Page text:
Ruoyun Bai

Associate Professor, Global Asia Studies, UTSC
Collaborative Master's Program in Asia-Pacific Studies, Asian Institute

Phone

416-287-7134

Location

Room HW 415, 1265 Military Trail



Biography

Ruoyun Bai is a leading scholar in Chinese television studies. She published her monograph, Staging Corruption: Chinese Television and Politics in 2014 with the University of British Columbia Press, and co-edited two books on Chinese television, TV Drama in China (2009) and Chinese Television in the Twenty-First Century: Entertaining the Nation (2014). She studies Chinese television as a powerful cultural institution that constantly evolves as a result of interactions among forces of authoritarian politics, commercialization, media technologies, and societal power. Her current book project explores how the production, distribution and consumption of television are being reconstituted by digital technological capabilities on the one hand and political and economic powers to harness such technologies for purposes of control on the other. A different but related book project that Bai is working on concerns the question of digitally mediated visibility of politics and politicians. She pays close attention to the production and politics of the emerging cultural forms and genres on the Internet and social media where exposes of official corruption proliferate. From a focus on China, Bai is expanding her research agenda to study and compare political dramas in China and the United States.

research interests

China
North America
Television as digital media
Media industries and policies in China
Politics and popular media (television, film, the Internet, social media)

education

Ph.D. University of Illinois at Urbana-Champaign (2007)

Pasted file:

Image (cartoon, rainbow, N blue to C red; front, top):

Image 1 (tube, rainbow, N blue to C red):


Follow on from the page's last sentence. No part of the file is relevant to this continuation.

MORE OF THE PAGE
selected publications

Books:Staging Corruption: Chinese Television and Politics (University of British Columbia Press, 2014)
Edited books:
Chinese Television in the Twenty-First Century, co-edited (Routledge, 2014)
TV Drama in China, co-edited (Hong Kong University Press, 2009)
Articles:
“Fubai, guanchang zhexue he xin ziyou zhuyi – jiedu Woju” (“Corruption in the ‘Realm of Officialdom’ Narrative and Neoliberalism: Making Sense of Song Siming, the Good Corrupt Official in Snail House”), Communication & Society, 23 (2013), pp. 177-199.
“Cultural Mediation and the Making of the Mainstream in Post-Socialist China,” Media, Culture and Society 34:4 (2012), pp. 391-406.

courses

Undergraduate courses:
Media and Globalization
Theories and Methods in Media Studies
Chinese Media and Politics
Media and Popular Culture in East Asia
Scandals: Special Topics in Media and Society

Graduate courses:
Global Visual Culture (Centre for Comparative Literature)



Newsletter Signup Sign up for the Munk School Newsletter

× Strict NO SPAM policy. We value your privacy, and will never share your contact info.